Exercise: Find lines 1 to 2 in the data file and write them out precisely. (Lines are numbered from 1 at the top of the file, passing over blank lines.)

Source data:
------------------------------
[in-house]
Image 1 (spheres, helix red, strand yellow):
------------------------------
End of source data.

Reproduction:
[in-house]
Image 1 (spheres, helix red, strand yellow):